Do your clients have risks in the US? New taxation law may affect you.

Article Publish Date: Tuesday 6 February 2018

The Foreign Account Tax Compliance Act (FATCA) is US law designed to combat US tax evasion. If you deal with any client risks that have US Source Premium, you need to be able to demonstrate compliance with FATCA to the Inland Revenue Service (IRS).



If you can’t, you'll need to withhold 30% of all US source premiums and complete a US tax return for this amount. The good news is that having appropriate documentation in place will mean that no withholding is required.

What is US source risk premium?

This means a premium that relates to US property or liability arising out of activity taking place in the US, or in connection with the lives or health of US residents. Examples are:

  • Insurance where any of the risk touches the US e.g. exports to the US or stock stored in the US.
  • Multinational placements made via an intermediary that include any US source risk
  • Risks that transit the US such as marine and aviation
  • Any Travel policies providing cover for travel to the US

What does that mean for you as a broker?

When you place a risk with us and pass us the corresponding risk premium, you must obtain a W-8BEN-E from us. This demonstrates risks have been placed with a compliant insurer. You only need to download this once from the Aviva Broker website then keep it on file. You'll need to update this every three years.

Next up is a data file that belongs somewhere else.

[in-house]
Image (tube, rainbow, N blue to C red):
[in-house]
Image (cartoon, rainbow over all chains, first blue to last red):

You’ll also need to provide a W-8IMY to the business being insured as proof that they themselves do not have to withhold 30% tax before paying the premium to you.

Without these documents on file, you could be liable for withholding 30% of the US Source premium and for filing a return and accounting for the tax directly to the IRS.

Why are we telling you about this now?

FATCA regulations currently include an exemption for US source risk on ‘offshore obligations’ made before 1 January 2017 (known as “foreign to foreign’ payments and generally meaning contracts made outside the US). This means from 1 January 2017, obligations have been extended to ‘foreign to foreign’ business such as:

  • A UK broker placing a risk for a UK client with a UK insurer will now be subject to FATCA if the risk covers an event in the US such as a concert in New York.
  • A UK broker selling a worldwide travel insurance to a UK based client is also subject to FATCA if the policy covers travel to the US. 

What if you don’t comply?

You as the broker would be liable for the 30% tax on the total premium. The IRS can impose fines and penalties that can be significant depending on the severity of the failure and the risk of reputational damage should not be underestimated.

What if you have questions?

For any further information around this please contact Wilf Gibbons at or call 07786 855591

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